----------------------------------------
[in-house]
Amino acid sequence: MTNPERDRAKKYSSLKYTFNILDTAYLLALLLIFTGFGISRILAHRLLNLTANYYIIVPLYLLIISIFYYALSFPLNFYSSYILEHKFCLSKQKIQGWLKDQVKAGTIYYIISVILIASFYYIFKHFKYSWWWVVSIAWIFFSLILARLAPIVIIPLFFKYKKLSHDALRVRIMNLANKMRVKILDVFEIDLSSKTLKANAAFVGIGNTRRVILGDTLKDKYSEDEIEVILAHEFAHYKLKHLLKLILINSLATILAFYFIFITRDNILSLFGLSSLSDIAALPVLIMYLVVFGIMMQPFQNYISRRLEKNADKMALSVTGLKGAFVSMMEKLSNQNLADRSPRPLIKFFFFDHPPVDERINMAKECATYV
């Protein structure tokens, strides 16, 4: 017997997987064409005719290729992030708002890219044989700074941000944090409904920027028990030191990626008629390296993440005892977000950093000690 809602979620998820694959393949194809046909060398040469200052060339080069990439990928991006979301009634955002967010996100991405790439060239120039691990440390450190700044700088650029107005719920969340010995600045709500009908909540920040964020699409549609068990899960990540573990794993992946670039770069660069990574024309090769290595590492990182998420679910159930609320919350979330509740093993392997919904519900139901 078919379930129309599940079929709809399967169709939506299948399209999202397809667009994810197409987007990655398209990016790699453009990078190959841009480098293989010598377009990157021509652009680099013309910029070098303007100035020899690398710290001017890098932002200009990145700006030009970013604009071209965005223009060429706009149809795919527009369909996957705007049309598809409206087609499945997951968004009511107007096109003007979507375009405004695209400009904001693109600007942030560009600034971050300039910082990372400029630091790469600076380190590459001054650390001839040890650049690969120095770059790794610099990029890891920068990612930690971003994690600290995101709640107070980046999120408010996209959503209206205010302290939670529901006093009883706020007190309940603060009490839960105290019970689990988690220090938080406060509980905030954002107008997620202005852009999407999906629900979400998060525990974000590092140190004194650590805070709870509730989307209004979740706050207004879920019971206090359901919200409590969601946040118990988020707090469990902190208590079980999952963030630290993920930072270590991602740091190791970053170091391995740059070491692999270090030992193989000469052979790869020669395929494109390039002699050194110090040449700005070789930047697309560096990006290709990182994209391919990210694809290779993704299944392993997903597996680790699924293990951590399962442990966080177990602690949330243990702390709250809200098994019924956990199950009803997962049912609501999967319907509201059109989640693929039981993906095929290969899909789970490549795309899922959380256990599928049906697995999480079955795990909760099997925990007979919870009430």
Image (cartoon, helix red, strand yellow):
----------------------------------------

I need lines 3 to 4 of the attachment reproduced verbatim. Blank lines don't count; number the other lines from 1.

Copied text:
């Protein structure tokens, strides 16, 4: 017997997987064409005719290729992030708002890219044989700074941000944090409904920027028990030191990626008629390296993440005892977000950093000690 809602979620998820694959393949194809046909060398040469200052060339080069990439990928991006979301009634955002967010996100991405790439060239120039691990440390450190700044700088650029107005719920969340010995600045709500009908909540920040964020699409549609068990899960990540573990794993992946670039770069660069990574024309090769290595590492990182998420679910159930609320919350979330509740093993392997919904519900139901 078919379930129309599940079929709809399967169709939506299948399209999202397809667009994810197409987007990655398209990016790699453009990078190959841009480098293989010598377009990157021509652009680099013309910029070098303007100035020899690398710290001017890098932002200009990145700006030009970013604009071209965005223009060429706009149809795919527009369909996957705007049309598809409206087609499945997951968004009511107007096109003007979507375009405004695209400009904001693109600007942030560009600034971050300039910082990372400029630091790469600076380190590459001054650390001839040890650049690969120095770059790794610099990029890891920068990612930690971003994690600290995101709640107070980046999120408010996209959503209206205010302290939670529901006093009883706020007190309940603060009490839960105290019970689990988690220090938080406060509980905030954002107008997620202005852009999407999906629900979400998060525990974000590092140190004194650590805070709870509730989307209004979740706050207004879920019971206090359901919200409590969601946040118990988020707090469990902190208590079980999952963030630290993920930072270590991602740091190791970053170091391995740059070491692999270090030992193989000469052979790869020669395929494109390039002699050194110090040449700005070789930047697309560096990006290709990182994209391919990210694809290779993704299944392993997903597996680790699924293990951590399962442990966080177990602690949330243990702390709250809200098994019924956990199950009803997962049912609501999967319907509201059109989640693929039981993906095929290969899909789970490549795309899922959380256990599928049906697995999480079955795990909760099997925990007979919870009430």
Image (cartoon, helix red, strand yellow):